With a bold 4th and goal call by Coach Arroyo that led to a two-yard sprint out touchdown by Tyreek CollinsUNLV found themselves back in the game, closing in on UNR and making Wolf Pack fans sweat. With the game 17-12 after a failed 2-point conversion attempt by the RebelsUNR came back on the field with over 1:50 seconds left in the half. For any good passing team on a particularly lucrative day throwing the ball, that is way too much time to ask a defense to go out there and make a stop. On this day for UNLV, the numbers were against them, but the Rebels were making their best effort to keep Reno out of the endzone.

Again a penalty backed up the Wolf Pack offense to a 2nd and 20 situation. Penalties are part of the game, but penalties for an offense can kill a drive, especially when they put you behind the chains– meaning you have more than the required 10 yards to get another set of downs. Somehow Reno quarterback Carson Strong found 6’6 240 Cole Turner open on a post route to get a first down. On the next play, Strong hit Justin Lockhart over Nohl Williams to extend the lead to 12.  

It was the second time in the game the Rebels gave up a long pass play that saved the Wolf Pack from their drive-killing mistakes. This play also gave a much-needed cushion to the Reno team. They would have eventually found a way to close or possibly take the lead if they had not lost momentum. Surely more energy would have been one their sideline. Instead, UNLV found themselves going into half time down two possessions and again trying to make magic happen to win.

Play #4: Goal-line stand

Photo Credit: FS1

For most of the game, the Rebels’ defense was on its heels, reeling from the Reno offensive passing attack that had them hard-pressed to find a solution. The third quarter seemed to reveal UNLV’s answer to that issue. In the third, UNLV held UNR to three points, the only points of the quarter for Reno did extend the lead, but the way it came had the Wolf Pack sideline baffled. 

Running back Toa Taua scampered for 36 yards, almost scoring a back-breaking touchdown that would have clinched the game for the Wolf Pack. Instead, safety Bryce Jackson ran him down at the 1-yard line giving UNLV a chance to make a stop. The irony of that statement is that earlier in the game, UNR had a similar goal-line situation. They ran the ball in for the score with ease–so naturally, they tried to do the same.

Once again, Bryce Jackson made a play on Taua in the hole, using his stature to get under the big back, standing him up and allowing his teammates to jump on top of his back, forcing second down. Before the snap on second down, Reno had a false start penalty that backed them up to a 2nd and 7. The Rebels defense tightens up, forcing a no gain scramble by Carson Strong and an incomplete pass to Melquan Stovall on third and goal.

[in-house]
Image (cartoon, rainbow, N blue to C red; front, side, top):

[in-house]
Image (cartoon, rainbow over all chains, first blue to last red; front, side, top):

This stand is here because it showed that UNLV could find a way to stop the Wolf Pack in crucial moments. That when the Rebels’ defense plays how they are supposed to, they can stop Reno. And in this situation specifically, it kept the Rebels in the game for at least another quarter since UNLV’s offense kept Carson Strong and the rest of the Reno offense on the sideline until a Steve Jenkins touchdown once again closed the lead to eight. It also reinforces my earlier assessment that Reno would find a way to stall their own drive with mistakes and penalties, giving the Rebels’ defense a chance to make a stop.

Play #5: Every 4th Down call for UNLV

Video Credit: FS1

When you ask people about the UNLV Rebels in 2020, many words may come out to describe this particular team. However, one word you can use for them, and their coach, is “gutsy.” Max Gilliam showed a lot of guts out on that fancy new turf in Allegiant Stadium on Saturday, fighting and earning every yard he got in the game passing or running. However, Gilliam reflects Head Coach Marcus Arroyo, who had his team go for it on 4th down over six times in the UNR game. And had it not been for a bad snap by back up center #75 Jaron CaldwellUNLV would have converted all six. 

This selection of plays tells me through analysis that UNLV is committed to finding ways to win no matter the circumstances. Each time they converted a 4th down, they dramatically increased their chances of winning that game. Even though the game did not go in the Rebels’ favor, they showed toughness, desire, and a high level of preparation and execution: things that lead teams to victory.


Final Breakdown


The analysis shows that UNLV has a long way to go defensively, but they are getting there. Some players have dramatically improved from one game to the next. Vic Viramontes struggled in the first half of the San Diego St. game but since halftime of that game, he has played at a high level. If players continue to improve, they will continue to find their stride and win some ball games. The Reno team that UNLV just played talent-wise is a bit better than them because the talent knows the scheme, and their collective skill sets fit the scheme.

 UNLV, offensively, has found something that they did not have in week one against SDSU, and it is something that they can build on as the season continues. However, to be competitive on defense, the list to get on the bus will start tightening up and becoming more cut-throat. Peter Hansen and his staff are experienced and talented at coaching this game, and they have had their work cut out for them all season. But it is time to ready themselves for a Fresno St. team that rebounded with a nice victory last week against Colorado St. after a 34-19 week one loss to Hawai’i



The Rebels continue to show improvement under Coach Arroyo and his staff on both sides of the ball, especially in the second half of games. The film shows that the players are getting better weekly, and soon that will translate into wins.